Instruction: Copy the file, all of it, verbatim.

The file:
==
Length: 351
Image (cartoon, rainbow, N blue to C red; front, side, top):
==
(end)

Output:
Length: 351
Image (cartoon, rainbow, N blue to C red; front, side, top):